How Could Walker Refuse Incredible Deal?
Kenosha casino would pay entire taxpayer bill for NBA arena and up to $275 million for any (unlikely) litigation costs. And Walker says no?
No issue is tougher for elected representatives than the demand to subsidize a pro sports stadium or arena. Across the nation, voters overwhelmingly oppose such deals, which forces politicians to scramble for some ingenious end run around the taxpayers.
So the announcement by the Menominee tribe — that it would funnel $220 million of earnings from its proposed Kenosha Casino to underwrite the entire taxpayer bill for the new NBA arena in the proposal by Gov. Scott Walker — was like manna from heaven for worried state representatives. Now they wouldn’t have to consider voting for just the kind of plan that got George Petak, the Racine state senator who voter for the Miller Park subsidy, recalled from office.
So what was Walker’s reaction to the Menominee proposal? He rejected it.
This is one of the most astounding political decisions I’ve seen in more than three decades of covering state and local politics. As Assembly Minority Leader Peter Barca (D-Racine) puts it, the offer from the Menominee “is a no-brainer. It’s a double bonanza for the taxpayers, who will get two magnificent entertainment venues (a casino and an NBA arena) without having to pay a dime in taxes.”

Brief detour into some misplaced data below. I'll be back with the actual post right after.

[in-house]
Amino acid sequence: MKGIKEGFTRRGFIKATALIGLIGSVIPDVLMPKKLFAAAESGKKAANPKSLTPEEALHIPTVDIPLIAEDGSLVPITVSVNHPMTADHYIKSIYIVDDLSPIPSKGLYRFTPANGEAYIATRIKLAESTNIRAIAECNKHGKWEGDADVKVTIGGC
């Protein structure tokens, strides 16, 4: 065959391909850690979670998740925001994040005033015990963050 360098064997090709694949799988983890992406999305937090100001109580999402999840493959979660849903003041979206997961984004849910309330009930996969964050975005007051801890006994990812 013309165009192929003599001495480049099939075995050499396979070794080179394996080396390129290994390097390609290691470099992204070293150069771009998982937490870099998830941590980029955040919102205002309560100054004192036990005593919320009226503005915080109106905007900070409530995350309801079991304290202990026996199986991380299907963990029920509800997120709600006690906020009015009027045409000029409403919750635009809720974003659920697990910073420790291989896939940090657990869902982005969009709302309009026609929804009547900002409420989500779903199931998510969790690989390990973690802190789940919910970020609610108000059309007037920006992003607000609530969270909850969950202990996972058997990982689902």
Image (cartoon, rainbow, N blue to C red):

“This proposal is a game changer,” said Rep. Samantha Kerkman (R-Powers Lake), who cited the estimated 10,000 jobs the casino project would create and the “two to four billion” in revenue it could generate, according to a study by the Illinois legislature. “I want to bring that money here to Wisconsin.”
In a statement, Assembly Speaker Robin Vos (R- Burlington) said, “This proposal is an exciting opportunity and could be a win-win for everyone involved.”
Indeed, the details of the proposal as spelled out by Menominee tribe chairman Gary Besaw and Jim Allen, president of Hard Rock International, the tribe’s partner in this project, were eye opening.
Allen noted that studies showed there were 8 million potential customers for the casino, 80 percent from Illinois. The projected revenue from the proposed, $800 million casino is enormous. Besaw noted the tribe would pay $1.2 billion in annual payments (7.5 percent of its annual revenue) to the state over 25 years — plus the $220 million to pay for a new arena for the Milwaukee Bucks.